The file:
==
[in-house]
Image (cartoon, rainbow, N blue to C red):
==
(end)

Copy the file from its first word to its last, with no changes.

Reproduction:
[in-house]
Image (cartoon, rainbow, N blue to C red):